Sept. 1 (Bloomberg) -- Crude declined for the first time in eight days in London before reports that may show the U.S. economic recovering is losing strength, damping demand for fuel.
Futures reversed earlier gains, falling as much as 1.1 percent, as Europe’s sovereign debt crisis caused the dollar to strengthen, undermining the appeal of dollar-priced assets such as crude. U.S. reports may say manufacturing shrank in August for the first time in two years while employment growth slowed. China’s Purchasing Managers’ Index rose in August from a 29- month low, according to data published today.
“The economic soft patch looks as if it will last longer than we had thought, but I am not convinced it will end in recession,” said Thorbjoern Bak Jensen, an analyst at Global Risk Management in Middelfart, Denmark, who predicts Brent will average $107 in the fourth quarter.
Brent crude for October settlement fell as much as $1.24 a barrel and was at $114.15 at 1:36 p.m. on the ICE Futures Europe exchange in London, snapping its longest winning streak since April. It was earlier surged to $115.27, the highest since Aug. 3. The European benchmark contract was at a premium of $25.71 to U.S. futures, compared with a record close of $26.21 on Aug. 19.
Oil for October delivery on the New York Mercantile Exchange was down 37 cents at $88.44 a barrel after falling as much as 60 cents to $88.21 a barrel. Futures fell 7.2 percent in August, their biggest monthly loss since May, and are down 3.2 percent this year.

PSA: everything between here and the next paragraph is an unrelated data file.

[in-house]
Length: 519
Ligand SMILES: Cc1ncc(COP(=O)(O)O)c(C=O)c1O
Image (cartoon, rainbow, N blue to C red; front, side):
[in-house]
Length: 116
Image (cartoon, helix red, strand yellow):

U.S. Manufacturing Slows
The U.S. Institute for Supply Management’s manufacturing index fell to 48.5 last month from 50.9 in July, according to the median estimate of 80 economists surveyed by Bloomberg News before today’s data. The dividing line between expansion and contraction is 50, a level that the gauge last fell below in July 2009.
Tomorrow’s Labor Department report may show growth in nonfarm payrolls slowed to 70,000 from 117,000. ADP Employer Services said yesterday that U.S. companies added 91,000 workers to payrolls in August, the fewest in three months, according to data from ADP Employer Services.
China’s PMI rose to 50.9 last month from a 29-month low of 50.7 in July, the China Federation of Logistics and Purchasing said today. A separate index by HSBC Holdings Plc and Markit Economics was 49.9, compared with 49.3 the prior month. A reading of 50 is the borderline between expansion and contraction.
Gulf Storm System
A system of clouds and thunderstorms over the southeastern Gulf of Mexico has a 60 percent chance of becoming a tropical cyclone in the next two days, the National Hurricane Center said in an outlook last night.
“Interests along the entire northern Gulf of Mexico coast should monitor the progress of this disturbance,” the NHC said.
BP Plc began yesterday removing more than 500 non-essential workers from some platforms in the Southern Green Canyon area, according to a message on the company’s hurricane hot line. The London-based company said it is preparing for a potential shut- in and full evacuation if necessary.
Anadarko Petroleum Corp. evacuated non-essential workers from its Gunnison, Nansen and Boomvang platforms in the western Gulf, according to a notice on the Woodlands, Texas-based company’s website.
Katia, the second hurricane of the Atlantic season, may grow into a major storm this weekend north and east of Puerto Rico, the U.S. National Hurricane Center said. The storm was about 1,000 miles (1,620 kilometers) east of St. Lucia in the Caribbean with maximum winds near 75 miles per hour, the NHC said in an advisory at 5 a.m. New York time. Katia was moving west at 20 mph, the Miami-based center said.
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